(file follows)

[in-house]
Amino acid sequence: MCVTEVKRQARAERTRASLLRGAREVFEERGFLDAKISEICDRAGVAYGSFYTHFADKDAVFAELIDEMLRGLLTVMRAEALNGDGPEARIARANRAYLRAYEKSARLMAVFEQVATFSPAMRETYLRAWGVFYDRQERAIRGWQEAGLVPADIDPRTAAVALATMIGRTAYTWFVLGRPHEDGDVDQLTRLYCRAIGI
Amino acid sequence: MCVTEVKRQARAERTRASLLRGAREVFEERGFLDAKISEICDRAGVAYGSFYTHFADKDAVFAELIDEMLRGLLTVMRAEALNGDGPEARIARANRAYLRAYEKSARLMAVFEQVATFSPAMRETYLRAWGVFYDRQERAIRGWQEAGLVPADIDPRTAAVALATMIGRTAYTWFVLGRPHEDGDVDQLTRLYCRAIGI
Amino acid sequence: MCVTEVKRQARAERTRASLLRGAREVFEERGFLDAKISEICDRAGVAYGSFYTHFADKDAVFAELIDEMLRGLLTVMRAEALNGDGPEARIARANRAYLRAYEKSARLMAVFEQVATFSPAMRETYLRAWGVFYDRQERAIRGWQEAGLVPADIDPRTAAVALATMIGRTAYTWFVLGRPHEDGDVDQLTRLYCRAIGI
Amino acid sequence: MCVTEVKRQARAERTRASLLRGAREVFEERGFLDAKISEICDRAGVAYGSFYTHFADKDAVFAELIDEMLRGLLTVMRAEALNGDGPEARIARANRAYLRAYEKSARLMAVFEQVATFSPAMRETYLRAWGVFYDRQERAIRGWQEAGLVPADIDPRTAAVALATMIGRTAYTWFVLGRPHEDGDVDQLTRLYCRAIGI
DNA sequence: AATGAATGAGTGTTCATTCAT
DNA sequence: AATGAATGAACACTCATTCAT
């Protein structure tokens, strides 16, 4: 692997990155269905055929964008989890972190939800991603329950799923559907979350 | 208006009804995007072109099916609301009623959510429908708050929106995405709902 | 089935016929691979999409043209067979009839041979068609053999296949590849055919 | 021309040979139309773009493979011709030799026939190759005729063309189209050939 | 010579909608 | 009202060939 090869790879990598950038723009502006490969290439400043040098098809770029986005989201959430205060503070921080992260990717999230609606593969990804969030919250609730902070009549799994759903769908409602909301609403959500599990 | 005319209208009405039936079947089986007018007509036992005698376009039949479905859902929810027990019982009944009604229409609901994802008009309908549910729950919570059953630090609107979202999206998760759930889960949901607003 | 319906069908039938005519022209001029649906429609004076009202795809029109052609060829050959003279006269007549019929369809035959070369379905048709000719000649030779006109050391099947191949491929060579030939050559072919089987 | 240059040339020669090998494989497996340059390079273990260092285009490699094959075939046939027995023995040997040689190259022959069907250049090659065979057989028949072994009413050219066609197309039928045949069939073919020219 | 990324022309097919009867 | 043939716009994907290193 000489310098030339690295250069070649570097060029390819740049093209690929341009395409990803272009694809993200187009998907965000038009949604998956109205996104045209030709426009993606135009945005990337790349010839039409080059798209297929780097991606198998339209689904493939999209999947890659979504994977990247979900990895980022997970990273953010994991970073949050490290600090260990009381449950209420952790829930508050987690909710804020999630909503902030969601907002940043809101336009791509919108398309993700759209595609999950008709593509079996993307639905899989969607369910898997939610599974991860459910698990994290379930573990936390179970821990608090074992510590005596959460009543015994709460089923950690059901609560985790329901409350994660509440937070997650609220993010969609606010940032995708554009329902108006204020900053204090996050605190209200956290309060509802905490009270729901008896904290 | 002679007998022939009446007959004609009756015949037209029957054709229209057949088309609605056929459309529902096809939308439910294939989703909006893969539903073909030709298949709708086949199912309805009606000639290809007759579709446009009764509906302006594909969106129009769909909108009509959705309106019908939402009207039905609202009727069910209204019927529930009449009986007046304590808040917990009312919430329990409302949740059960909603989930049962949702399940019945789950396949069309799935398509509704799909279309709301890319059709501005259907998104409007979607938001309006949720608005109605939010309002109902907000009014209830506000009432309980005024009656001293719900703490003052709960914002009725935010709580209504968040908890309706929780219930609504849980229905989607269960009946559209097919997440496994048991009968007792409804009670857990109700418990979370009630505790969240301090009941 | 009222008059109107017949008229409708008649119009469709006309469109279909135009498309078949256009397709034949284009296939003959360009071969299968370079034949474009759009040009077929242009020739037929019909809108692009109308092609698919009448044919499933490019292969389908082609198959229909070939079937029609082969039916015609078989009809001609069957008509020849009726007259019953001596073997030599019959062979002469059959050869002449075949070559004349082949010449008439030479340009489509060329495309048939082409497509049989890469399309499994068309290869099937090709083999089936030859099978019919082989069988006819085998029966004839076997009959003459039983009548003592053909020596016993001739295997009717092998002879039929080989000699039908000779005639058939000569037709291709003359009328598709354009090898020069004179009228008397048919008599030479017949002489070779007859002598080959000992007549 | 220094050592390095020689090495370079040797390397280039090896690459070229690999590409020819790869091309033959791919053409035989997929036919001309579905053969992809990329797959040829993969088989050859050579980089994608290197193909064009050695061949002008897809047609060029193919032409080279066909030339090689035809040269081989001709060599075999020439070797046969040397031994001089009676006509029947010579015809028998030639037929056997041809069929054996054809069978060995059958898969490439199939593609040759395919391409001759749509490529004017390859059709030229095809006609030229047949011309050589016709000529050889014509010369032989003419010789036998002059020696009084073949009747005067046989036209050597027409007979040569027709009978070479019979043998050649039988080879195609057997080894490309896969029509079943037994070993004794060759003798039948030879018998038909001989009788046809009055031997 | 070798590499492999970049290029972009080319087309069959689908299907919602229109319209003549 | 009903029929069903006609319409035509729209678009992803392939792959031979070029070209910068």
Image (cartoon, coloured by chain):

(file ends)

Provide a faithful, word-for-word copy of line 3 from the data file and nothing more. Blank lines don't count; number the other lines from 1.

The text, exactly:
Amino acid sequence: MCVTEVKRQARAERTRASLLRGAREVFEERGFLDAKISEICDRAGVAYGSFYTHFADKDAVFAELIDEMLRGLLTVMRAEALNGDGPEARIARANRAYLRAYEKSARLMAVFEQVATFSPAMRETYLRAWGVFYDRQERAIRGWQEAGLVPADIDPRTAAVALATMIGRTAYTWFVLGRPHEDGDVDQLTRLYCRAIGI